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Bulletin of the World Health Organization

Print version ISSN 0042-9686

Bull World Health Organ vol.82 n.5 Genebra May. 2004

http://dx.doi.org/10.1590/S0042-96862004000500026 

WHO NEWS

 

Diabetes cases in Africa to double in next 25 years

 

 

The numbers of people with diabetes in Africa will more than double over the next 25 years, warned WHO and the International Diabetes Federation (IDF) during the joint WHO–IDF Workshop on Healthcare Coverage held in Dakar, Senegal, 1–3 April 2004. Representatives and diabetes experts from 13 French-speaking African countries attended the workshop in order to address the growing burden of diabetes in Africa.

"All African countries are struggling to care for the large number of people with diabetes, especially in urban centres," said Dr Nigel Unwin from WHO's Management of Non-communicable Diseases department. He also estimated that more than 80% of people with diabetes in Africa remain undiagnosed. In 2000, there were 7.5 million cases of diabetes in the continent. By 2030, this figure is expected to rise to around 18.2 million. "Despite this shocking trend, awareness about the importance of diabetes in Africa is poor," he added.

Low awareness amongst the public and primary health-care practitioners was highlighted as one of the major challenges faced by African countries in the prevention and cover of diabetes care. But as long as diabetes remains a low priority on national healthcare agendas, which in part reflects the low priority accorded by international funding bodies, this is unlikely to change. And the same can be said for the lack of funding and resources for national diabetes programmes, epidemiological studies and for the education and training of health care-personnel. Other obstacles to tackling the problem include a shortage of national insulin banks, diabetes specialists and centres in rural areas.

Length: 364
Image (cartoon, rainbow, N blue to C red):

Leaving the problem unaddressed could be costly, warned Niek Sniekers, Vice President of Corporate Diabetes Programmes at Novo Nordisk, a health-care company with headquarters in Denmark, working with WHO and IDF to combat the disease.

"The increase in diabetes and its associated complications could have huge implications for the lay population in Africa and a massive impact on national healthcare budgets, due to loss of productivity," said Sniekers.

In order to tackle the burden of diabetes in Africa, WHO and IDF, with the support of Novo Nordisk, are currently pursuing various activities to combat the disease at all levels. The objectives of the Dakar workshop were to contribute to capacity building in the management of national diabetes control programmes and to update participants with the skills and knowledge required to assess the coverage and quality of care at country level and to outline an improved framework for this assessment.

Currently, there are three main initiatives under development. The Declaration of Africa on Diabetes aims to engage governments in African countries, nongovernmental organizations, industry partners, health-care professionals, and national diabetes coordinators in the fight to reduce the impact of diabetes. The draft document, originally prepared in May 2003, will be presented by national diabetes representatives to their national health ministers following peer-review.